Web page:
12 3. Conceptual, contextual and output components Conceptual component is the driving force behind the grammatical component Contextual component is the discourse domain on the basis of which new utterances are produced in the grammatical component Output component generates acoustic, signed, or orthographic expressions on the basis of information provided by the grammatical component
13 4. Levels of representation Interpersonal level 1.A. Get out of here! B. Dont talk to me like that ! Representational level 2.A. There are lots of traffic lights in this town. B. I didnt notice that.
14 4. Levels of representation Morphosyntactic level 3.A. I had chuletas de cordero last night. B. Is that how you say lamb chops in Spanish? Phonological level 4.A. I had /tʃulet ɑ s#de#kordero/ last night. B. Shouldnt that be /tʃulet ɑ s#de#θordero/ ?
15 4. Levels of representation Interpersonal level: pragmatics. Representational level: semantics. Morphosyntactic level: morphosyntax. Phonological level: phonology. All levels are purely linguistic in nature: they describe language in terms of its functions, but only in so far as these functions are encoded in the grammar of a language.
18 Levels and Layers Interpersonal (A 1 : [(F I : ILL (F I )) (P 1 ) S (P 2 ) A (C 1 : [(T 1 ) (R 1 )] (C 1 ))] (A 1 )) Representational (p 1: (ep 1 : [(e 1 : [(f 1 ) (x 1 )] (e 1 ))] (ep 1 )) (p 1 )) Morphosyntactic (Le 1 : [(Cl 1 : [(Xw 1 ) (Xp 1 : [Xw 2 (Xp 2 )] (Xp 1 ))] (Cl 1 ))] (Le 1 )) Phonological ( U 1 : [( IP 1 : [( PP 1 : [( PW 1 )] ( PP 1 ))] ( IP 1 )) n ] ( U 1 ))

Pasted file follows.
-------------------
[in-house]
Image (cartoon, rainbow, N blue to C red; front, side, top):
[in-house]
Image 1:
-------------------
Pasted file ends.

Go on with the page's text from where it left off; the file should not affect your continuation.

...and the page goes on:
19 Levels and primitives (id R I ) (prox m x i : [(f i : /bənɑ:nə/ N (f i )) (x i ) Φ ]) (Np i : [(Gw i : this-pl (Gw i )) (Nw i : /bənɑ:nə/-pl (Nw i ))] (Np i )) (pp i : [(pw i : /ði:z/ (pw i )) (pw j : /bənɑ:nəz/ (pw j ))] (pp i )) I like these bananas.
Three dimensions: Topic vs Comment Focus vs Background Contrast vs Overlap 21
Pragmatic functions Marked members: Topic vs Comment Focus vs Background Contrast vs Overlap 22
Pragmatic functions: Topic Gol-a-romæhinabdad. flower- PL - TOP Mahinwatergave 'Mahin watered the flowers.' Persian, Mahootian 1997:
Pragmatic functions: Focus Ndu-ndetakhim-gende? sago- FOC buy-3 PL. PRS. FINAL 'They buy sago.' Wambon, de Vries 1985:
Pragmatic functions: Contrast Aopo:-lәtetamja:h-si-uli-zya. thisplace-in CONTR wheatput- DETR - NML be- CNT 'In this place (as opposed to others) wheat has been sown.' Kham, Watters 2002:
Pragmatic functions Domain: Communicated Content at the Interpersonal Level (A 1 : [(F I : ILL (F I )) (P 1 ) S (P 2 ) A (C 1 : [(T 1 ) FOC (R 1 ) TOP ] (C 1 ))] (A 1 )) 26
Pragmatic functions May attach to referential and ascriptive subacts: (C 1 : [(T 1 ) (R 1 ) TOP ] (C 1 )) (C 1 : [(T 1 ) TOP (R 1 )] (C 1 )) 27